Our model also evaluated the degree to which the body of a larva rotates during capture by a predator. According to simulations that varied the initial orientation of the body, the separation between the COV and COM created by swim bladder inflation caused noteworthy body rotation. For example, with an initial distance 7.3 mm away from the predator and a body orientation of 45 deg, a larva with an inflated swim bladder rotated almost 1 deg during strikes from either bluegill or bass (Fig. 8D). The tip of the tail is the body position at which the motion induced by this rotation is greatest. The velocity of the tail tip was predicted to be very similar for bass and bluegill strikes until ∼14 ms after strike onset (Fig. 8E). After this time, larvae experienced higher tail-tip velocities during strikes by bluegill (18.5 mm s–1) than by bass (5.40 mm s–1) at the time of capture. Tail-tip velocity also depended on the larva's initial body orientation in reference to the predator, with a 90 deg initial orientation at strike onset producing the highest tail-tip with both bluegill and bass (Fig. 7C). During a bluegill strike, the maximum tail-tip velocity created by rotation exceeded the relative velocity due to translation by a larva with an inflated swim bladder. For example, at the time of capture in bluegill, a larva with an inflated swim bladder oriented at 90 deg experienced a relative velocity and tail-tip velocity of 13.3 and 18.91 mm s–1, respectively (Fig. 8C,E). During the bass strike, the magnitude of relative velocity (7.44 mm s–1) and tail-tip velocity (7.59 mm s–1) at the time of capture were more comparable (Fig. 7B,C).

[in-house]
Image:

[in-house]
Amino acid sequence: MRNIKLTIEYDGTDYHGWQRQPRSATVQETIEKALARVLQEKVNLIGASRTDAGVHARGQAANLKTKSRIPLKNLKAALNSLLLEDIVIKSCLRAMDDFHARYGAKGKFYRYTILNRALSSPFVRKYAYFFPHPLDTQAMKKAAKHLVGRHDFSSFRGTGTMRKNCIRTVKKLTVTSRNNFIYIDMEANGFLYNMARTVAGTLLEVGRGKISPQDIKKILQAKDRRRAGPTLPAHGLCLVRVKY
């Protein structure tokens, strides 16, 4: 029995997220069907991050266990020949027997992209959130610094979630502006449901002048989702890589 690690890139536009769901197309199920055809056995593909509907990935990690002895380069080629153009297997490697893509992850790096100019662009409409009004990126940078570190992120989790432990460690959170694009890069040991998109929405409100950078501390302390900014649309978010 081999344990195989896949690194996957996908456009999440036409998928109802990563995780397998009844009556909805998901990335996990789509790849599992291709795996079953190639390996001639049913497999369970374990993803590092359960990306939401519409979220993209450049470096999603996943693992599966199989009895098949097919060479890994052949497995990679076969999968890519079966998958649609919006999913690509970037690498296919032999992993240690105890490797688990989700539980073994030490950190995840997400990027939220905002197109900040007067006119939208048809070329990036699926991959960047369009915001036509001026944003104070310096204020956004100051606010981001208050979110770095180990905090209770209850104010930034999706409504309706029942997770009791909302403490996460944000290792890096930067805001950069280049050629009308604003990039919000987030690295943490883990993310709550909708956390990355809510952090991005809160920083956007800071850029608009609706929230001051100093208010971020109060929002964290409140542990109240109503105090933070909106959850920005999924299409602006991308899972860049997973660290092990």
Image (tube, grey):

This study demonstrates how the ability of a prey fish to sense a predator depends on the specific gravity of the prey's body. Using a novel technique, we have demonstrated that the specific gravity of a zebrafish larva's body decreases by 5% when its swim bladder inflates (Fig. 5). According to a hydrodynamic model that we developed, this subtle change is predicted to cause a dramatic 80% reduction in the flow velocity around the prey when it is attacked by a predator (Fig. 7B). Although these differences in specific gravity are predicted to have a negligible effect on the period of time available for a larva to escape (Fig. 7A), the reduction in flow velocity presents a substantial attenuation in the stimulus available to the lateral line system. Therefore, small changes in specific gravity may greatly alter the ability of a prey fish to evade capture.
Changes in specific gravity with growth